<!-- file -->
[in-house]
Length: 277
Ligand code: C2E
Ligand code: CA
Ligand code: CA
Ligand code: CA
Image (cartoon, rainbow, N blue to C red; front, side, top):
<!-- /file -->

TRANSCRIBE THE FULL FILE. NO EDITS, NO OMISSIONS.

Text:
[in-house]
Length: 277
Ligand code: C2E
Ligand code: CA
Ligand code: CA
Ligand code: CA
Image (cartoon, rainbow, N blue to C red; front, side, top):